By Allison Taylor
Anyone who has watched someone fly fishing has likely been mesmerized by the delicate and methodical dance of the line. Western North Carolina is a mecca for anglers with its diverse options for pristine waters.
As love of the sport continues to grow, so does the influence of female anglers in what had historically been a male-dominated activity. Over the last decade, more women are flocking to the rivers across the region, country and world.
There is a special peacefulness and beauty that can be found in nature, and the lessons of patience, resilience and slowing down are benefits that can be carried back into the challenges of everyday life.
Ryan Waldrep, assistant and guide with DB bar D Outfitters in Mills River, has enjoyed introducing his girlfriend Harlee Johnson to the sport, and they fish together regularly. “Fly fishing has given me a new way to connect with the outdoors, and I’m excited for more women to get into the activity,” says Waldrep.
Johnson shares that excitement. “Hopefully, with increased representation, more women will be encouraged to get into fly fishing,” she says. “I love every part of it—going to the fly shop, waking up early, the drive to the river and the fishing!” DB bar D Outfitters is excited to employ two female guides: Shyienna Revell and Kelsey Grapperhaus.
In 2014, Jessica Whitmire, the director of operations at Headwaters Outfitters, saw the need for a women-specific fly fishing group. She started Pisgah Area Women’s Fly Fishing to fulfill the need for meetups and educational opportunities. It was a rocky start, but in 2018 the group took off and was having regular monthly meetups pre-COVID.
Now, they are still hosting a handful of meetings but hope to ramp back up again and will be announcing fall events soon. “Pisgah Area Women’s Fly Fishing is a place where everyone is welcome, and we are dedicated to helping all women through their journey of life and fly fishing,” says Whitmire. “We support and cheer each other on, and,” she adds, “will be hosting Fly Tying nights again soon.”
Whitmire brags on the other local women of the water who have influenced the sport, and new companies are continuing to pop up that are both women-owned and are designing women-specific gear and apparel. Any female that has tried to find properly fitted gear in any male-dominated sport can relate to not only the struggles of improper fit and function but also the relief when new options become available that are specific to our builds and body types.
Whitmire is excited to see more female guides in the area as well. “Simons Welter of Brookings Anglers in Cashiers and Starr Nolan with Brookside Guides are both female guides in our southeast region who have been great role models for younger females, including myself,” she says. She is also encouraged to see other prominent females take up the sport.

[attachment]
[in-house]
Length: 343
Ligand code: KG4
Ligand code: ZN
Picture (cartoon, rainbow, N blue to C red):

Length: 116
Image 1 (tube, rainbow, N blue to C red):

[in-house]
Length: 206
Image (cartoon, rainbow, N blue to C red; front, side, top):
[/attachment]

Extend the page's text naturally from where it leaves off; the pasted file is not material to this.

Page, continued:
“Debbie Gillespie is a well-known figure who guides out of Davidson River Outfitters, and was recently featured as Blue Ridge Outdoors’ Guide of the Year,” says Whitmire. “Hannah Myers grew up in Transylvania County and is now in her fifth year guiding at Headwaters Outfitters. Other influential women in the local fly fishing world include Katie Cahn, metalsmith and angler; Shannon Whitworth, musician, artist and angler; Reba Brinkman, industry pro and guide; Kelly Bruce, angler and nature therapy guide; Abbi Bagwell, angler; Alyssa Adcock, guide with Boone’s Fly Shop; and Cassie Spurling, guide with Mac Brown Fly Fish.” Whitmire and Myers will be hosting a women’s trip out west in fall of 2022 through Headwaters Outfitters shop.
For any new anglers interested in learning, Whitmire recommends reaching out to your local fly shop or any of the local female guides. Pisgah Area Women’s Fly Fishing has a Facebook group for additional resources. Pisgah Trout Unlimited has several female members, and they meet once a month to learn more about cold water conservation and to provide a network with other local anglers. United Women on the Fly is a website with great resources, and Casting Carolinas and
Casting for Recovery are two local nonprofits that support women with cancer and cancer survivors. Miss Mayfly, FisheWear and Flyvines are women-owned businesses providing gear, and some local artists, like Jenny Cartee, create fly-fishing-inspired goods.
The North Carolina Wildlife Resources Commission’s Pisgah Center for Wildlife Education is another excellent local resource, offering women-only fly fishing classes almost every month. “This is a great way to boost confidence and set a new angler up to go out on their own,” says Center director Melinda Patterson. “Fishing, in general, has been a male-dominated sport, but I’ve noticed that women have the finesse required and often pick it up more easily than men.” The programs at the Pisgah Center are all free to the public, except for the fee for the state-required fishing license. The group updates the schedule on their website regularly with any upcoming opportunities.
For more information on DB bar D Outfitters, visit DBbarD.com. To learn more about Headwaters Outfitters and the Pisgah Center for Wildlife Education, visit HeadwatersOutfitters.com and NCWildlife.org/learning/education-centers/Pisgah.